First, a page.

Powerful and affecting ‘All That Remains’ is a modern tragedy with a sliver of hope
- Written by Tina Farmer
Local playwright JM Chambers “All That Remains,” closes Tesseract Theatre Company’s Summer New Play Series with a moving contemporary drama that doesn’t shy away from harsh realities. Strong performances and smart directorial choices by Brittanie Gunn keep audiences invested even during uncomfortable scenes.
The story centers on Gary and Elaine, a couple whose life has been turned upside down by loss and pain, leaving deep scars and trauma in its wake. Gary is a teacher who survived a school shooting and he’s struggling to process the unimaginable and find some sort of path forward. In addition to being shot and seriously injured, he lost his best friend Melody, a fellow teacher, and Alejandro, a promising student, died in his arms. He and his wife Elaine also recently lost a pregnancy, compounding the couple’s grief.
Though his body has recovered from the bullet’s wounds, Gary’s psyche is far from healed and his troubled sleep finds him reliving the day of the shooting over and over in persistent nightmares. He is reluctant to leave his couch much less the house, and the ghosts of Melody and Alejandro frequently speak to him. Their friends in the small town were also affected by the senseless tragedy. Elaine wants to turn to them for shared support; Gary turns inward, becoming reclusive.
His hesitance to leave the house leads to loud arguments with his wife Elaine. Early in the show we see just how volatile the situation is. Elaine tries her best to help Gary through it all. When he tells her he’s speaking with the ghosts of the victims, it’s too much. Gary needs more serious help than she can provide, and despite his resistance something has to change.
Director Gunn elicits well-connected performances from a strong cast that includes Sherard E. Curry as Gary and Melody Quinn as Elaine, with Nyx Kaine, Victor Mendez, Luis Aguilar and Morgan Maul-Smith in supporting roles. The sparse set, by Gunn, combined with the minimalist approach in Kevin Bowman’s lighting design and Taylor Gruenloh’s sound design, add just enough detail to establish the environment. The focus here is on the characters and story.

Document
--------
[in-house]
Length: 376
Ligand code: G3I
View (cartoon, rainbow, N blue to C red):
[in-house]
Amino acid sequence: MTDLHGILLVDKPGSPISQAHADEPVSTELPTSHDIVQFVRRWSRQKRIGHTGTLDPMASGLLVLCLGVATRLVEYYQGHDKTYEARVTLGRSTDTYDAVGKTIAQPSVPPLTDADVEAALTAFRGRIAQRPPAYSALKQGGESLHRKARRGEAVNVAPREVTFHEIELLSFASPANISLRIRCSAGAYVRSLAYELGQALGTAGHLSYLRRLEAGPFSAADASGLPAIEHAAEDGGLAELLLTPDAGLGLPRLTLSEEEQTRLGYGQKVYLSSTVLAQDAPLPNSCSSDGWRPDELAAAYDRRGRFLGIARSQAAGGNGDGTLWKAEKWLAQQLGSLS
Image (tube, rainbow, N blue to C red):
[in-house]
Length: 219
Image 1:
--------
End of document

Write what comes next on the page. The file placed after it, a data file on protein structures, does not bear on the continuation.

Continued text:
Chambers has packed a lot into the script, making it heavy with emotion and content. At times, the play feels almost hyper-realistic, with tragedy piled on in ways that become overwhelming for the audience to process. Though true to life and its painful, ironic twists, 90-minutes simply isn’t enough time to sufficiently connect all the threads and tie up the story. Each scene is strong on its own, there’s just too much left underdeveloped. The result is that the ending, and the hope it offers, feels a bit unearned. Judicious editing to tighten the show’s focus and framing could take this effective show to the next level without losing its immediacy.
The play opens during an argument between the couple that quickly escalates into an act of violence and is immediately followed by repeated nightmares of Gary reliving the shooting. Additionally, the loss of a pregnancy and the death of another young boy at the school, as well as his twin brother’s struggles, are discussed in a frank and touching manner by two grieving mothers. While staged with a carefully considerate eye, these are among the scenes that may be triggering for sensitive audience members.
JM Chambers’ promising “All That Remains,” continuing through July 31 at the Marcelle Theater, is an intensely emotional play that is at times powerfully unsettling. The story is raw and visceral, as the serious drama touches on domestic violence, the loss of a pregnancy and a devastating school shooting. The subject matter is important and relevant, however – as a society we need to see and acknowledge the truth in Chambers’ well-constructed if at times dense script. Theatergoers interested in thought-provoking, contemporary drama are sure to find plenty to discuss in this compelling new play.